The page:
His speech and actions drew the ire of the country’s military leaders, who accused Mr. Kyaw Moe Tun of high treason and tried to replace him as their ambassador. But Mr. Kyaw Moe Tun refused to go, the diplomat chosen by military leaders to replace him quit, and the General Assembly, which accredits diplomats, did not recognize the military’s efforts.
But since July, the plot to force him to step down, and to kill him if he did not oblige, had been brewing, according to court documents. Mr. Kyaw Moe Tun told Reuters earlier this week that he had been made aware of a threat against him and had stepped up his personal security. The ambassador’s office did not immediately respond to a request for comment on Friday.
The conspiracy began last month when the Thai arms dealer, who federal prosecutors said sells weapons to Myanmar’s military, contacted Mr. Phyo Hein Htut, the court documents say.
According to the documents, Mr. Phyo Hein Htut told F.B.I. investigators that the arms dealer said he had decided to reach out to him on Facebook and through FaceTime after he had seen a photo of Mr. Phyo Hein Htut. The dealer, who is not identified by name, offered to give Mr. Phyo Hein Htut money to hire people to hurt the ambassador and compel him to leave his post, and to kill him if he did not agree, court documents say.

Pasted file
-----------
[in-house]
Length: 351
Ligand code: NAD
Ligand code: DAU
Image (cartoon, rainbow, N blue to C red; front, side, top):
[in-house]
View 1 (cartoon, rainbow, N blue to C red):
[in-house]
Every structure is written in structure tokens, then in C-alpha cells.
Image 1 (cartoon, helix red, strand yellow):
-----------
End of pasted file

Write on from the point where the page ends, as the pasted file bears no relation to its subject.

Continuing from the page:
The two also agreed that Mr. Phyo Hein Htut would hire people to tamper with the tires of the ambassador’s car to cause a crash while driving, according to the documents.
Mr. Phyo Hein Htut later told a volunteer security guard at the country’s U.N. mission about the plan “to hire a hitman” to hurt or kill Mr. Kyaw Moe Tun, according to an interview between investigators and the guard this week outlined in the documents.
Mr. Ye Hein Zaw, who was serving as an intermediary between the two men, sent Mr. Phyo Hein Htut two money transfers of $4,000 over the payment app Zelle in late July, documents say. Prosecutors said Mr. Phyo Hein Htut told investigators that he had agreed to receive the sum up front.